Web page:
With the S&P 500 closing above 5,000 for the first time, there’s an inevitable question for investors with cash on the sidelines: Should I get in now — or is the milestone moment actually a reason not to invest?

The right answer depends on your circumstances. But putting the record high into context can help you think through the consequences of investing, financial advisers say. Here’s how market strategists and wealth advisers suggest framing things.

What a Milestone Like 5,000 Means

The S&P 500 at 5,000 sounds impressive, but you may be better off ignoring “the false portents of big round numbers,” said Dan Egan, vice president of behavioral finance and investing at robo-adviser Betterment.

“Don’t overinterpret any one move as being a big meaningful thing,” he said. “Day-to-day moves are random noise and it’s the long-term pattern that you pay attention to.”

Morningstar Wealth Chief Investment Officer for the Americas Marta Norton agrees the threshold isn’t as important as it may appear. “There is a natural growth to the markets, so you should be hitting milestones if the markets are operating the way they should be,” Norton said.

What gives Norton pause is not that the S&P 500 is at 5,000 but the stock market’s valuation. “There is a lot of research showing the price at which you buy things is as impactful, if not more impactful, than your holding for the long term,” she said.

“From our perspective, most of the big-name stocks are pretty expensive at this point, and to look at 2023 returns and assume that forward into 2024 is a really dangerous thing.”

Consider Concentration

For investors concerned about the market’s high valuation and concentration in the “Magnificent 7” tech stocks, one solution to mitigate some of that risk is to buy an index that equally weights the companies in it, rather than owning an index that weights companies by their market capitalization, Norton said.

Buying an S&P 500 index fund that gives stocks equal weight “gives you more exposure to small-caps, which are at 20-year lows relative to large-caps, and more exposure to some areas that aren’t particularly scary and have better valuations, like in materials, utilities, and, dare I say, financials and banks,” Norton said.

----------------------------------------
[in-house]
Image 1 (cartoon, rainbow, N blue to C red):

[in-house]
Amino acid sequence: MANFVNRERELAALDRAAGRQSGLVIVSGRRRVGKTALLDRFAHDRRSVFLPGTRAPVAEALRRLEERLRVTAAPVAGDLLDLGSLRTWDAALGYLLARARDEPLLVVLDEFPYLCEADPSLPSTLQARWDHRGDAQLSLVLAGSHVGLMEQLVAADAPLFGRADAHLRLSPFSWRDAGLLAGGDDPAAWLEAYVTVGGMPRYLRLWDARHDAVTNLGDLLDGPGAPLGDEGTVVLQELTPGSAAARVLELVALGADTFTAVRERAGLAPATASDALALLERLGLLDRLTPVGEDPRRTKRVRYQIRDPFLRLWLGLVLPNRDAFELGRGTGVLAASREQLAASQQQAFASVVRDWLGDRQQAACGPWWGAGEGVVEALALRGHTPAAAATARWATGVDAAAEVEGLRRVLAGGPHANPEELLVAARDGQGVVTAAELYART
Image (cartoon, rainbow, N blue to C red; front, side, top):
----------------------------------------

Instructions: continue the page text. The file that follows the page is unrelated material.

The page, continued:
It is now incredibly easy and cheap to get even broader stock market exposure through low-priced index funds that track the total stock market universe, whether that’s in the US or with a diversified world portfolio, Betterment’s Egan said.

Think About Your Timing

Trying to time the market by jumping in and out at seemingly opportune times has a lousy track record, and everyone’s heard the saying about retail investors “buying high and selling low.” But sitting out of the market in cash is also bad market timing.

“If time plays any meaningful role in someone’s investment strategy, as it should if you’re considering equities, then the sidelines are not the place to be even when we approach these milestones,” said Luke Keene, chief investment officer of Leverty Financial Group. “Nor does the milestone necessarily signal an entry point when you take the long-term view.”

Keene wants his clients with cash to get off the sidelines but counsels them to soften their entry into the market by dollar-cost averaging — investing money in the market at regular intervals.

Explore Contrarian Viewpoints

People tend to become more confident the higher the market goes, said Dan Suzuki, deputy chief investment officer at Richard Bernstein Advisors, and flows follow performance since “people like momentum and like to buy something that’s working.”

Suzuki worries, however, about a lost decade for investors who buy the S&P 500 or just the biggest names in the market now. “There is a generational opportunity to rebalance portfolios into some cheaper places that people have overlooked and left for dead,” he said. Areas he places in that category include international, small caps, value stocks and companies that are beneficiaries of inflation.

The US’s share of the global stock market is now 64%, up from around 40% in 2010, and is at its most expensive level ever viewed next to the rest of the world, Suzuki wrote in a recent research note. “Positioning and valuation suggest that investors expect the US equity dominance of the past 15 years will last indefinitely, but history seems to suggest otherwise,” he wrote.